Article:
Headache on left side from TIA's?

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  • Full Question:

    does headache on left side could it be from a tias because my eye dr said i have had tias. Rhonda.


    Full Answer:

    Dear Rhonda;


    TIA's (transient ischemic attacks) can cause headaches. On the other hand, so can Migraines and many other conditions.


    Your eye doctor told you you've had TIA's. Did he tell you that's what's causing your headaches? If you haven't discussed these headaches with your regular doctor, it's important that you do so.


    You don't say if your "eye doctor" is an optometrist or ophthalmologist. Optometrists examine people's eyes to diagnose vision problems, such as nearsightedness and farsightedness, and they test patients' depth and color perception and ability to focus and coordinate the eyes. Optometrists may prescribe eyeglasses or contact lenses, or they may provide other treatments, such as vision therapy or low-vision rehabilitation. Optometrists also test for glaucoma and other eye diseases and diagnose conditions caused by systemic diseases such as diabetes and high blood pressure, referring patients to other health practitioners as needed. Ophthalmologists are physicians who specializes in the medical and surgical care of the eyes and visual system and in the prevention of eye disease and injury. They provide a full spectrum of care including routine eye exams, diagnosis and medical treatment of eye disorders and diseases, prescriptions for eyeglasses, surgery, and management of eye problems that are caused by systemic illnesses. The point is that an optometrist isn't a physician. An ophthalmologist is, but their specialty is eye conditions, not headaches or TIAs.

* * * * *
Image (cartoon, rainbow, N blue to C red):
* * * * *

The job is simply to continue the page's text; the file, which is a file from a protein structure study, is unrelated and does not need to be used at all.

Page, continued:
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    That's why you need to see your regular physician - to confirm the "eye doctor's" diagnosis of TIA and to diagnose your headaches. Even if you have had TIAs, it's not really safe to assume that they're the cause of your headaches. That needs to be confirmed, and your doctor needs to check to be sure that the headaches aren't a symptoms of more TIAs or even a stroke.


    So, please be safe and call your doctor for an appointment? If your doctor isn't sure, it may well be time to consult a Migraine and headache specialist. It’s important to note that neurologists aren’t necessarily Migraine and headache specialists. Take a look at the article Migraine and Headache Specialists - What's So Special? If you need help finding a Migraine specialist, check our listing of Patient Recommended Migraine and Headache Specialists.


    Please let us know how this turns out for you and how you're doing?


    Good luck,
    John Claude Krusz and Teri Robert



    To review other questions from our Ask the Clinician Column,
     browse the Ask the Clinician archives.


    If you need help finding a  Migraine and headache specialist,
     visit our listing of Patient Recommended Specialists.



    About Ask the Clinician:

    Dr. Krusz is a recognized expert in the fields of headache and  Migraine treatment and pain treatment. Each week, he and Lead Expert Teri Robert, team up to answer your questions about headaches and  Migraines. You can read more about Dr. Krusz or more about Teri Robert.


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    Last updated September 6, 2010.

Published On: September 06, 2010